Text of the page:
Twitter says direct messages accessed in 36 of 130 hack victims
Twitter Inc. completed its review of the 130 accounts that were hacked on its social network last week and discovered that the attackers accessed direct messages for as many as 36 of them, including one elected official in the Netherlands.
Twitter's analysis offered no indication that "any other former or current elected official had their DMs accessed," according to a post late Wednesday by the Twitter Support account. A Twitter spokesperson confirmed that neither former U.S. Vice President Joe Biden nor President Barack Obama's DMs were accessed.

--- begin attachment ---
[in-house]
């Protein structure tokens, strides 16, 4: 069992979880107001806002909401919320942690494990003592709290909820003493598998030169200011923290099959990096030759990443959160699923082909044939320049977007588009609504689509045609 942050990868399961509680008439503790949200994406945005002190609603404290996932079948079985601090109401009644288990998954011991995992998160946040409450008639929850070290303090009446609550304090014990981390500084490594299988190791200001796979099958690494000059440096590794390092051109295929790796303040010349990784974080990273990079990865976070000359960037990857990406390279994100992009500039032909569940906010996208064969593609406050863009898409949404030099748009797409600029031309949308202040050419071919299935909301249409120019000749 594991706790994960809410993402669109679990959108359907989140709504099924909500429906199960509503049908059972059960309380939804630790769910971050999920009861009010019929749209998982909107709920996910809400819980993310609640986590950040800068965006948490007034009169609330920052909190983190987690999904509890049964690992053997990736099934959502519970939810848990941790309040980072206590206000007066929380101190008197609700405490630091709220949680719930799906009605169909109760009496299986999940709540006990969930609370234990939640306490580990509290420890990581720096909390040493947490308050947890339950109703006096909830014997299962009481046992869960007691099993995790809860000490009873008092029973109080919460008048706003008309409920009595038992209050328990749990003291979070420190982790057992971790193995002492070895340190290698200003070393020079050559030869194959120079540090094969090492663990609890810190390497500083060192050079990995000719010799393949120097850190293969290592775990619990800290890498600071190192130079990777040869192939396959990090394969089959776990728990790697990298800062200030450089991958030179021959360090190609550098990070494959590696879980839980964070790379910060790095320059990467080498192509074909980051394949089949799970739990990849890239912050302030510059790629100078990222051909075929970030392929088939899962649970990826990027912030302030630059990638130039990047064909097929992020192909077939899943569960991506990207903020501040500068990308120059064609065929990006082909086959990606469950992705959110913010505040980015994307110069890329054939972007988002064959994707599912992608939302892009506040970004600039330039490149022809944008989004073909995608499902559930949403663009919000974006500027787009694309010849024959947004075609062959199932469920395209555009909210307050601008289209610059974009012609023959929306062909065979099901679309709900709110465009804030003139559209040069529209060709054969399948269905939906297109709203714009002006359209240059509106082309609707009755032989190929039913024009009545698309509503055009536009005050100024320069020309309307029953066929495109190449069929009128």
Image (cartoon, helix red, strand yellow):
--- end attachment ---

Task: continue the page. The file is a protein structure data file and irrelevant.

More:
Both had their accounts compromised in the July 15 breach, along with high-profile users such as Jeff Bezos and Elon Musk.
In its prior update on the hack, the company said several of its employees were manipulated by hackers into providing credentials for internal systems. The hackers were able to reset passwords for 45 users, while eight had their data, including private messages, downloaded entirely, Twitter said in a blog post late Friday. The hackers may have also tried to sell the user names of some of the accounts, the San Francisco-based company said at the time.
The hijacking of several prominent accounts, including Biden's, has raised questions about the platform's security, but especially in the context of the 2020 presidential election in November. The statement doesn't rule out the infiltration of direct messages used by other prominent hack victims, including Bezos, Musk and Bill Gates.
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